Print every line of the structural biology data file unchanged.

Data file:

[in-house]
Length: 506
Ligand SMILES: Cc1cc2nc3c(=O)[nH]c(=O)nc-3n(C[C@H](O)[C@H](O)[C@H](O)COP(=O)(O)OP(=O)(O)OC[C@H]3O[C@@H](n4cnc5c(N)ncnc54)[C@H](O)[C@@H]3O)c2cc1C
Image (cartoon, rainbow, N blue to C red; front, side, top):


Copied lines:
[in-house]
Length: 506
Ligand SMILES: Cc1cc2nc3c(=O)[nH]c(=O)nc-3n(C[C@H](O)[C@H](O)[C@H](O)COP(=O)(O)OP(=O)(O)OC[C@H]3O[C@@H](n4cnc5c(N)ncnc54)[C@H](O)[C@@H]3O)c2cc1C
Image (cartoon, rainbow, N blue to C red; front, side, top):